Thanks to Christine for that comprehensive and entertaining account. An added bonus of the visit was strolling between libraries and viewing Gartnavel’s grounds – and, for four of us, a delicious meal afterwards at Sisters’ Restaurant in Jordanhill. Ideas for #GLTU16 welcome!

Announcing #GLTU15 – Gartnavel Hospitals, 28th April

24 Mar
Library at Gartnavel General

Library at Gartnavel General

I’m happy to tell you that #GLTU15 has now been fixed for the afternoon of Tuesday, 28th April at 2pm. We’ll be visiting the libraries at Gartnavel: the General and Royal Hospitals, the Beatson and the Public Health Resource Unit. I had a preview before Christmas, so pop over to the post I wrote then for more pictures – it was a fabulous afternoon and I learned a lot about the variety of work in health librarianship. Many thanks to Shona McQuistan for all her work organising this.

Getting to Gartnavel is easy – it’s well served by buses on Great Western Road (there’s a stop just next to the hospital) or by Hyndland Station (via the footbridge – turn right on the bridge then left at the bottom of the steps.) I don’t recommend driving – the carpark is always full, though there is the option of paying to park at the nearby Pond Hotel.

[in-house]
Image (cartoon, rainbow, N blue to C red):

We’ll meet just before 2pm at WH Smith’s at the main entrance to Gartnavel General. There’s a fair amount of walking between buildings, so dress for the weather – if it’s nice, we can enjoy the grounds. If it’s not, we’ll run! The visit will finish by 5pm, after which there is the option of a traditional GLTU curry. Indian Platform is just across the road and opens, conveniently, at 5.

How to book? Numbers are limited to 10 so I haven’t bothered with an Eventbrite page. Contact me by leaving a comment below, tweeting @AnabelMarsh or emailing anabelmarshATgooglemailDOTcom. Make sure to tell me whether you are booking for the visit, the curry or both. I look forward to seeing you there.